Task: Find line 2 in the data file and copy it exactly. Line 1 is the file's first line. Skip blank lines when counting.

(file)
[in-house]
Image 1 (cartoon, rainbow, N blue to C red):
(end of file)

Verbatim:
Image 1 (cartoon, rainbow, N blue to C red):